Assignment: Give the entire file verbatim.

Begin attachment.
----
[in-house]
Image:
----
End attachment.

[in-house]
Image: